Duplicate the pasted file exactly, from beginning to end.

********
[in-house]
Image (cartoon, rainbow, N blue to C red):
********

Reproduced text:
[in-house]
Image (cartoon, rainbow, N blue to C red):